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Spokane, Washington  Est. May 19, 1883
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News >  Spokane

Garbage pickup from some alleys ending

An estimated 2,200 north Spokane garbage customers were informed this week that garbage trucks will no longer drive through their alleys.

The move has sparked complaints among some residents who say street collection makes little sense since alleys were designed specifically for services like garbage. Others wonder if the switch will cause other problems, like parked cars blocking their trash bins.

“We’ve got cars bumper to bumper in the school year,” said Aage Anderson, who lives near Gonzaga University. “We’re all loaded up with students.”

Service changes will start June 4.

Solid Waste Department officials acknowledge the switch might be difficult for some at first. But they argue it will lead to a more efficient system that will keep costs lower. Spokane stopped collecting along numerous other alleys in the 1990s.

“This is about us being responsible with taxpayer and ratepayer dollars,” said Spokane Chief Operating Officer John Pilcher. Maintaining the alley service is “significantly more expensive, and there’s more liability on the city.”

Some alleys were eliminated from service because of obstacles that slowed crews, such as wires and poles, said Alan Milsom, the city’s North Side residential supervisor. Others were affected because they are part of routes that will switch to larger, fully automated trucks.

The city has 11 fully automated routes and three semi-automated routes in north Spokane. The changes will allow the Solid Waste Department to eliminate two jobs by folding one semi-automated route into automated ones.

“We were given a goal to meet to eliminate bodies and eliminate routes,” Milsom told a half-dozen concerned Logan Neighborhood residents at a meeting Thursday morning.

Earlier this year, the city released the Matrix report, a $260,000 efficiency study done by a California consulting group. That report recommends eliminating four trash collection jobs by getting rid of semi-automated routes and three more by consolidating automated ones.

Public Works Director Dave Mandyke said no pink slips will be issued from the latest changes, and anyone who loses a job will be shifted to an opening. He said it is unlikely that changes will be revisited on a large scale.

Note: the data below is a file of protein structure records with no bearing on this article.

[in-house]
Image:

Joe Cavanaugh, president of AFSCME Local 270, the city union that represents solid waste workers, said some alleys can be hazardous – especially in the winter – and that most drivers support the elimination of the alleys.

However, he said, workers are concerned that consolidated routes could become a safety problem and cause physical hardship.

“Until we sit down and negotiate it, we have a large problem with it,” he said. “They are not making for any allowance for the workload.”

Tim Mauro, who manages an apartment building near Gonzaga, said he’s bothered that citizens weren’t given a chance to provide input. Fliers were distributed to affected houses this week.

“We have a perfectly good alley,” Mauro said. “It just doesn’t make sense to me.”

Doug Freese, who lives a block south of Francis Avenue, said some of his neighbors have disabilities. The city will move bins to the street for free for those residents.

“I can’t see how this saves any money or any time by going down the front of the house instead of the back of the house,” Freese said.

Milsom said some alleys were fine, but passageways down a block or two had obstacles that made the route problematic.

“There still are quite a few alleys that are open and will still be open,” he said.

Similar changes will be considered for the south side, though plans aren’t finalized, said Mollie Mangerich, the city’s director of solid waste.

The Matrix report says semi-automated routes, which require two workers a truck, average 387 stops a day compared with fully automated one-person crews that make 647 stops a day.

City Council candidate Donna McKereghan organized the Thursday morning meeting with Milsom and Mangerich. On the sidewalk in front of McKereghan’s home, she asked them tough questions while a supporter took pictures.

McKereghan said she did not set up the meeting for campaign purposes. She said she’s concerned about bins falling into the street and how residents will put cans out after plows push several feet of snow onto the sidewalks.

The Matrix report recommended increasing the pickups for fully automated routes from 647 to 825 so those routes can be consolidated. Mandyke said that number might be attainable in a flat, more packed city, but not necessarily Spokane.

“I’m not fixated on the number,” Mandyke said. “I’m fixated on improving.”

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